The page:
Using the petition as a basis for evaluating this sentiment, as it seems fairly representative of the trend, we should first examine their reasons before addressing the efficacy of their attempt to force their will by threatening to quit. The end result of such an examination, though, proves that too many Conservatives seem uninformed about their Party as well as their own history.
In explanation of their reasoning for the effort, the petition says “In the belief that the Republican Party has become too liberal…Returning to its liberal roots, the GOP has recently become the party of big business, neoliberal globalism, and unwise interventionism – not the party of conservatism.”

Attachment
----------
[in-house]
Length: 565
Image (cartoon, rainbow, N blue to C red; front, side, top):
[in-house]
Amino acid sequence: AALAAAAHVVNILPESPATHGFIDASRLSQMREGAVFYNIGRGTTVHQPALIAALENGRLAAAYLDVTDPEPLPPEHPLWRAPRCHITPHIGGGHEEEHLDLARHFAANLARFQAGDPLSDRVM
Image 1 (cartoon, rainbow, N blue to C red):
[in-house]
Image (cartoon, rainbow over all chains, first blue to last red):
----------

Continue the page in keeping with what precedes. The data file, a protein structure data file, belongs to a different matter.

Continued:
It seems some Conservatives have grown to assume that the GOP was a “liberal” party before they took it over and that it is now returning to that liberal direction. But, it is wholly absurd to claim that the GOP is “liberal” or that it ever was — what it could become is another question, of course. In fact, until the post WWII era there was no such thing as a liberal in the modern conception of the word. In case anyone wonders, the GOP was created nearly 100 years before the modern concept of a liberal was even invented so there could be no “returning” to it liberal roots. There just plain aren’t any. No, far from being grounded in liberalism, the GOP has always stood against modern liberalism in general terms. Whether it has adopted some liberal aspects or policies is certainly debatable, but to merely claim it is a “liberal” party is empty of serious analysis and smacks of pure hyperbole.